Practical advice on how to get the most out of your online presence.

To start with, a confession you’ll probably be glad to hear: I’m not a techie. Far from it in fact. So I’m not going to blind you with science. I’m one of those people who doesn’t know, or indeed care, how computers work. I just need to know what they can do for me.

There are, moreover, endless websites and articles out there that can tell you all you need to know about domain names, hosting, site maps, search engine optimisation and so on. And it’s more than likely that if you are reading this, you already have a website, and a reasonable understanding of the basic set-up principles.

What I can do is offer you the benefit of my wider experience, in all forms of media and marketing, to show how you can improve on what you already have, and use the internet to its maximum advantage. Over the years, I’ve seen enough good (and bad) websites, and online marketing campaigns, to hopefully know what works and what doesn’t in the real world.

So, if you have a naturist-related business, here are some basic rules – which apply equally to existing websites as they do to new ones:


Unless you need a booking engine or online shop, just think of a website as an online brochure. Stick to the basics, map out what people need to know, make it easy to navigate, and ensure it is in line with the rest of your corporate identity. All-singing, all-dancing websites are expensive, unnecessary and almost invariably counter-productive.


Copywriting for websites is different from writing promotional literature or adverts. The text has to entice the reader onto your website in the first place, and then lead them into exploring further by clicking on links or ‘read more’ buttons. It needs to be crisp, self-explanatory and logical. Less is always more.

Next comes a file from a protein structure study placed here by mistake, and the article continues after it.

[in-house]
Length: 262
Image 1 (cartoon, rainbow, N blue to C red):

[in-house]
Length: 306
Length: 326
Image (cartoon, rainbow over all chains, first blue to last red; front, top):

A picture does indeed paint a thousand words. All the more reason to select your photos with care. Make sure they are of the best possible quality, illustrate what you are trying to say, and genuinely reflect the lifestyle you are promoting and the clientele you are hoping to attract.


You’d be surprised how many websites don’t follow the ‘does what it says on the tin’ principle. If a reader has to scratch their head to find out some of the basics – such as what you do or where you are – you’ve failed at the first hurdle. And they won’t get as far as the second.


So, you’re website looks pretty. It’s well-written, nicely designed, and includes all the information you feel should be on there. But what next? Is the reader going to click on the ‘contact’ button, book their next holiday, and have their deposit in your bank account before the day is out? Possibly. But probably not. They might ask for more information – in which case you have to be geared up to send it without delay. More than likely, they’ll respond to a special offer, promotion, prize draw or competition: something that makes them not only sit up and take notice, but gives them a real reason to get in touch.